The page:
The Library of Congress, considered by many to be the greatest library on earth, holds over 110 million items--books in 450 languages, irreplaceable national documents, priceless art works, and objects of cultural fascination. From a modest collection of 740 books purchased by the Congress in 1800, the Library has grown to house hundreds of miles of bookshelves. Laid end to end, they would stretch from Washington, D.C., to Chicago. This book tells the continuously interesting story of the first two hundred years of the Library of Congress. It is a vast history, filled with an immense cast of characters ranging from presidents, poets, journalists, and congressmen to collectors, artists, curators, and eccentrics.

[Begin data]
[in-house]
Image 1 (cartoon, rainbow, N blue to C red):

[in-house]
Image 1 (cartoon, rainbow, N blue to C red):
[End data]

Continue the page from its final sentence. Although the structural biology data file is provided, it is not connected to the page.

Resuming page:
James Conaway centers this history around the thirteen men who have been appointed by presidents to lead the Library of Congress. The author investigates how the Librarians' experiences and contributions, as well as the Library's collections, have reflected political and intellectual developments in the United States. Each Librarian confronted great challenges: the entire Library collection was lost when the British burned the Capitol in 1814; in the 1940s, a backlog of one and a half million objects waited to be catalogued; the gigantic task of replacing the card catalogue with a computerized system was undertaken in the 1980s. Yet each Librarian also enjoyed the excitement of acquiring unique treasures--from Walt Whitman's walking stick to the papers of the Wright brothers, from the Civil War photographs of Mathew Brady to the archives of Leonard Bernstein. This lively account of the Library of Congress and those who guided its progress over two centuries is the history of an American institution that today is truly a library to the world, serving readers and researchers everywhere.